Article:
Woman who won $1.3 million jackpot lost all winnings after keeping lottery win secret from husband
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A woman who won a huge lottery jackpot was forced to give it away after a court ruled against her.
To make matters worse, she had to give it away to her ex-husband as part of their divorce proceedings after she kept her win secret from him.
Ooh, that’s gotta hurt.
There’s loads of stories about people who have won big on the lottery and then blown it all on excess and luxury, but there aren’t that many who have had to give it straight away to someone who they’ve just decided that they no longer want to have a relationship with.
Denise Rossi won the lottery in California 11 days before she filed for divorce from her husband, Thomas Rossi on 28 December, 1996.
The pair had been married for 25 years, but this lottery win came at exactly the wrong time.
When the case eventually got to court, a judge ruled that Ms Rossi had violated laws on disclosure of assets and funds and acted in fraud or malice.
To be fair, $1.3 million is a lot to not tell the court about, especially if you only just won the lottery.
In her court documents, she argued that she didn’t want her husband ‘getting his hands on’ her winnings.
It’s easy to understand that impulse, too.
Mr Rossi didn’t find out about the win until around two years after the divorce when he got a letter from a company that pays lump sums for lottery winnings.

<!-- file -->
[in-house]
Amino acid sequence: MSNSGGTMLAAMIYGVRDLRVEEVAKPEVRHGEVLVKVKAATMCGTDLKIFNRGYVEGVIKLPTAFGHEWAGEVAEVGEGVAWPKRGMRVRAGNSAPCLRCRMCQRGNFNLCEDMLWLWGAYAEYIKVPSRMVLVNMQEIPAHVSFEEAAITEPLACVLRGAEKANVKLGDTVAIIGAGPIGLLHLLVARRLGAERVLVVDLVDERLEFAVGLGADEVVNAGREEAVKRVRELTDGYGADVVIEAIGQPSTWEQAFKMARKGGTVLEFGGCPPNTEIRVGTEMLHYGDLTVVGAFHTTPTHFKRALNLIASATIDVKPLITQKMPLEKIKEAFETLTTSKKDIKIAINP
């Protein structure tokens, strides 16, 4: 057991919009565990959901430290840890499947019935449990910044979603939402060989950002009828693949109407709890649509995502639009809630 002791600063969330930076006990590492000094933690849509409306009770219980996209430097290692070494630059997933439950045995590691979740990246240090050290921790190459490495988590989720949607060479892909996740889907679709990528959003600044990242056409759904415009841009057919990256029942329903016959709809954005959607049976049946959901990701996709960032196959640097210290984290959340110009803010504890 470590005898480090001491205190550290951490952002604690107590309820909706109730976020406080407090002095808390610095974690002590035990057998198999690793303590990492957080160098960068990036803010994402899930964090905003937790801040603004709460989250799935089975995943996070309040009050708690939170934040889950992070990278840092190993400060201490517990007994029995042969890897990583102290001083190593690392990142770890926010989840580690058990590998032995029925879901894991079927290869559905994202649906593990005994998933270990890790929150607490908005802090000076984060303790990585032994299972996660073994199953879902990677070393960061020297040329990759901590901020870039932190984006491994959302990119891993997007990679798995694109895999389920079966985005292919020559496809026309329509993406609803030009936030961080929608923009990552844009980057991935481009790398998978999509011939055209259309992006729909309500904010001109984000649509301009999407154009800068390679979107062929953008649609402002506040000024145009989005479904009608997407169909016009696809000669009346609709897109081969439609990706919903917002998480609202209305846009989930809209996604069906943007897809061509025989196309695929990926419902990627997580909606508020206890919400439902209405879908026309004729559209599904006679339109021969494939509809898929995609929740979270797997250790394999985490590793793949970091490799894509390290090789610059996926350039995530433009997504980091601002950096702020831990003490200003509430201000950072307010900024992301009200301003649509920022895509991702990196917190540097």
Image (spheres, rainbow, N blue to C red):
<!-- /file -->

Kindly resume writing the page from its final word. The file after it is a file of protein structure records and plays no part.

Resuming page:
The letter was addressed to his ex-wife, and said that the company had ‘helped hundreds of lottery winners like you around the country receive a lump-sum payment for the present value of their future annual lottery payments’.
Mr Rossi’s attorney Mark Lerner said: "I think he scratched his head for a while, saying: 'What? This can't be.”
So, he obtained an injunction a few days later and took his former wife to court.
There, they ruled that his ex-wife must pay him 20 annual instalments of $66,800, although Ms Rossi’s attorney called the ruling ‘very punitive’.
The winnings were shared between Ms Rossi and five of her co-workers, who won the $6.6 million prize together.
Connolly Oyler, her attorney, said that if she’d have disclosed her win to him, he might have been able to help her keep the winnings.
"I could have argued successfully that it was her separate property," he said.
"Or we could have argued and we would have reached some adjustment.
“But the judge got mad and gave it all to him."